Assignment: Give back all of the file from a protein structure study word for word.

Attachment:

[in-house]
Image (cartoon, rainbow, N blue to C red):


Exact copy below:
[in-house]
Image (cartoon, rainbow, N blue to C red):